[The Strength to Care]: Well, it has some really heavy-duty Doyle torture without going into too much gross detail (if I want gross detail I can imagine it) and a really nice 'discovery scene' where Bodie finds Doyle chained up in a cellar. Bodie gives him first aid, and it is wonderfully touching, and reads like the medical details were checked with an authority. I Really Like discovery scenes. I suppose it's the mingling of fear and relief and the sense of deep emotion that is so erotic. I also like the first aid that generally goes with it - I can play both parts at the same time. There is no sex, but since I'm one of those who 'read for the Relationship' I don't miss it, much. It is a romantic first time story, but not sticky. This story also has some good small parts for women; they are drawn as nice people with lives of their own. Bodie has a woman Friend who appears briefly; the part is too small for a fully-drawn character but there is some individuality to all the women. This story appears in British Takeaway 5, and here is my reason for posting (besides that I wanted to waffle on about the story). How do people control their British Takeaways? For those of you who have not seen one, they are hole-punched and then fastened together with a sort of screw-post thing. These screws work loose, and the pages shake, and you can't open the zine flat, and the holes tear, and in general they are kind of unwieldy. The used copies I have did not even have their screw posts; they are just bundled together with rubber bands. I thought of putting them in binders, but the size seems to be a little bigger than most binders, and the cover sticks out and gets tatty.[13]

Issue 6

cover of issue #6, Kate Nuernberg

British Takeaway 6 was published in fall 1993 and contains 295 pages. Art by Sue Williams, Kate Nuernberg, Sheila Paulson, Ruth Kurz and Baravan. Two cartoons by Karen Eaton.

  • Open Book by HG - 14 pages - Slash
  • Hard-Learned Lessons by Londa Pfeffer - 21 pages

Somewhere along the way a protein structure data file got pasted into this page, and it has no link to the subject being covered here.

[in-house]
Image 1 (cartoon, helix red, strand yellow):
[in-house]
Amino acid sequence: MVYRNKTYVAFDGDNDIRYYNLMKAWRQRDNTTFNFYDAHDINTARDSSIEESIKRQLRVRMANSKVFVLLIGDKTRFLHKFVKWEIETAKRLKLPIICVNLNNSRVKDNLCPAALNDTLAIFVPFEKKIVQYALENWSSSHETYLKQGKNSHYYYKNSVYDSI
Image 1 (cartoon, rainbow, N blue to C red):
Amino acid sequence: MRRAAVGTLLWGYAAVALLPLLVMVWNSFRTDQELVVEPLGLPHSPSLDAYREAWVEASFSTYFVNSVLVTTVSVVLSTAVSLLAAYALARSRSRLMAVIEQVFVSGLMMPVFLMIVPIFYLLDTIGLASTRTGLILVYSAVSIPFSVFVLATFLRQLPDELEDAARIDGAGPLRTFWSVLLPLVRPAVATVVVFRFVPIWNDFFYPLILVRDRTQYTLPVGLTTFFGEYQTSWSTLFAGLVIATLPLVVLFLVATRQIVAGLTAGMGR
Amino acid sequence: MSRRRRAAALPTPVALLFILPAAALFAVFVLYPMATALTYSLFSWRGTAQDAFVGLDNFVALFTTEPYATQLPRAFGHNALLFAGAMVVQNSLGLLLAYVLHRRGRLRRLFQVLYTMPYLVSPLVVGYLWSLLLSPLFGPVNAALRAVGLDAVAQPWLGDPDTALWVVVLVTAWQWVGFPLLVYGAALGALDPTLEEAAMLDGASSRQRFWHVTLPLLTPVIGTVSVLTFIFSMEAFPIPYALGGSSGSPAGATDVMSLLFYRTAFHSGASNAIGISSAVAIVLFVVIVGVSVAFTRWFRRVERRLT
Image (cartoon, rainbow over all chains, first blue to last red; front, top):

• Winter Rain by Alys - 2 pages
  • Fate Is the Hunter by Sue Williams - 16 pages
  • Risk Management by Salazar - 2 pages
  • With a Little Help by Kate Nuernberg - Mr Doyle's Neighbourhood #11-34 pages
  • Did She Mention My Name? by Kate Santovani - 31 pages
  • Guilt Trip by Marcia Brin - 3 pages
  • Metal Fatigue by Emily Ross and Shoshanna - 1 page
  • To the Pure by Joyce Strohm - 44 pages
  • Overheard in the Rest Room by K. D. Swan - 1 page
  • Dialogue in a Hospital Room by Marcia Brin - 3 pages
  • Winds of the Old Days by Robin Goodfellow - 91 pages - Slash

Poetry:

  • Incident at a Field Hospital by Emily Ross
  • The Ocean, Midnight Blue by Rachel Duncan
  • Lament by J. M.
  • Haiku by Linda Terrell

References

  1. Hatstand Slashcity's entry, accessed April 4, 2012.
  2. Paleyloitering's entry, accessed earlier.
  3. Fan Q awards site
  4. Personal correspondence with Alys and Alyx
  5. Close Quarters Desert Island Episode/Zine/Fic] dated July 18, 2009; reference link.
  6. 1986, from The Hatstand Express #11
  7. from The Hatstand Express #10
  8. from The Hatstand Express #10
  9. from The Hatstand Express #14
  10. from Psst... Hey Kid, Wanna Buy a Fanzine? #4
  11. from The Hatstand
  12. from Ruth Kurz, comments from The Hatstand Express #17 (1988)
  13. posted to the Virgule-L mailing list, quoted anonymously with permission.